John thought for a moment. "Well, what do you want to do?"

"Shoot that stuff outta straws."

Sheppard considered the matter. "Beckett'll come after us with his big needles--you do know that right?"

Ronon shrugged. "Be worth it."

The pilot snapped his fingers and pointed at the former Runner. "What if I told you there were a lot of other ways to have fun with paper that did not involve the risk of getting stuck with big needles?"

"Don't feel like reading."

John shook his head. "What I have in mind has nothing to do with reading. It'll be as much fun as shooting spitwads--maybe even more fun than spitwads. I promise."

That definitely piqued Ronon's interest. "Yeah?"

"Yeah. You're going to have to wait here--in the bed--while I get some stuff together, though. You okay with that?"

"Depends. This gonna take long?"

"Nope, just need to get some paper and a ruler. Then I'll come right back."

Dex settled back into the pillows. "Okay."

Now excited, John stood and backed away from the bed, pointing at the Satedan. "You're going to love this, I swear."

A short time later, Sheppard reappeared with a small, but heavy bag. He set the bag on the chair and drew the privacy curtains before turning to Ronon. Pulling a thick stack of notebooks, graph paper, and magazines out of the bag, he dropped it on the wheeled table and pushed it in front of the Satedan. "There. Ready to get started?"

Dex tried to play it cool and look uninterested, but John could tell he was anxious to see what the pilot had in mind. "On what?"

John pointed to the pile on the table. "This, my friend, is our fleet."

Ronon raised an eyebrow. "Looks like a stack of paper to me."

Sheppard sat down on the edge of the bed so he could reach the table and grabbed a magazine, ripping out the first page. "Watch this."

Quickly and expertly, he folded the paper and presented it to Dex. "There. Our first plane. Now we'll need to do a test flight."

Ronon appeared skeptical. "Shooting spit stuff'd be better."

"Did I ever tell you about my freshman year of high school?" he asked nonchalantly. He didn't bother to wait for an answer before launching into his anecdote. "We moved around a lot when I was a kid and it my first year at this particular school. The place was huge compared to anywhere I'd ever been before." Sheppard grabbed a second sheet of paper and began to fold it.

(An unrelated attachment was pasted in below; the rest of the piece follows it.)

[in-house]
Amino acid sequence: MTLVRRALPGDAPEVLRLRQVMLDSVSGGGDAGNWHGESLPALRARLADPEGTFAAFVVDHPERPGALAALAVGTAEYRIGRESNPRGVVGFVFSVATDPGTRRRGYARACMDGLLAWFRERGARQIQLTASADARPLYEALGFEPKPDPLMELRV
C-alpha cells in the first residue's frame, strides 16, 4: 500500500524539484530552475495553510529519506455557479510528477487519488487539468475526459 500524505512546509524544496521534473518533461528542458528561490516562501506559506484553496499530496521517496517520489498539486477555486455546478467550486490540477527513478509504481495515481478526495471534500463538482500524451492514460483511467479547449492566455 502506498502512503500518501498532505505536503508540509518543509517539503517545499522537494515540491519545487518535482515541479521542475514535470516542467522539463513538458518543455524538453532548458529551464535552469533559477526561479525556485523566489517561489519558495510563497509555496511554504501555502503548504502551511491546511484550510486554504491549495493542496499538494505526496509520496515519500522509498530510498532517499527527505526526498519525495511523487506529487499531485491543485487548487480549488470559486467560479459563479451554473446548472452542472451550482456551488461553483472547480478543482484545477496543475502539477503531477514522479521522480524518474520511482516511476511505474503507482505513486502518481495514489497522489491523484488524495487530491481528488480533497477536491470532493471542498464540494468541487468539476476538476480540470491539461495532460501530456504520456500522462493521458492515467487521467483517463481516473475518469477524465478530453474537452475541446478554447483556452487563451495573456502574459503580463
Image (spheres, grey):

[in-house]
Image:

"So they stuck me in this study hall for last hour of the day. Now it took me forever to find the room and when I finally got in there, I discovered it's in the auditorium--kinda like the one in that slasher movie we watched with Lorne's team last week. Man, there musta been two hundred kids in there, easy. So they stuck us out in the seats while the two teachers strolled around on stage." John continued to fold the paper, forming the next plane for their arsenal.

"Now the guy-teacher, he musta been going on eighty if he was a day. Everybody called him Chester. I think it was his first name or something. Anyway, the lady-teacher was at least as old the guy-teacher. Her name was Keottle, so everybody called her "Ma Keottle"--kinda after this character from a series of old black and white movies, only spelled differently. She even looked like her." Sheppard laughed, but kept folding as he told the story, not once looking up from his task as he spoke.

"Well anyway, these two could never see what were doing out there, because it was so dark out where we were sitting and they were up on the stage where it was fully lighted. As you can imagine, it didn't take long until the mayhem started. The two up there on that stage like that, man, they were like the perfect targets. Now, the first few rows were close enough for using spitwads or even chewing gum, but that got tricky because the straw pretty much gave you away if they happened to turn around quicker than you could hide it. Didn't take long for the gum to be banned from study hall either.

"So that left paper airplanes. They were perfect, especially for us near the back. Easy to shove in a book if they happened to look your way and everyone had paper, so it wasn't obvious where it came from. Now there were a couple of guys sitting close to me, and none of us were particularly interested in actually studying in there, so we came up with this game. You got points for each person you hit with your plane." He paused to level a knowing look at the Satedan. "You see where I'm going with this."

Ronon's feral grin returned as he reached for a paper. "Show me."

The pair had amassed a fleet of nearly a dozen planes when suddenly the curtain around the bed was yanked back. "Time for a vitals check, Mr. Dex." The nurse stopped dead at the sight of the bed scattered with various types of paper airplanes.

John stood and flashed one of his most charming smiles. "Dr. Beckett asked that I keep Ronon here entertained, so I've been teaching him the fine art of…origami. He's catching on very quickly, don't you think?"

The nurse looked doubtful, but nodded. "Yes, well, if I can just interrupt long enough to record some vitals, you all can get back to your…lessons."

"Sure," answered Sheppard. "Ronon doesn't mind a bit, do you Big Guy?"

The Satedan glared at him, but put aside the plane he was working on and allowed her to make the necessary checks. Once she'd finished, she gathered her supplies and made her way to the edge of the curtain. She turned back to them frowning. "You aren't planning to test all those out in here, are you?"

John shot an affronted look her direction. "Of course not. Beckett would have a stoke over something like that. I was actually thinking that the east pier would be a cool place to launch. Don't you think?" he asked, turning to Ronon.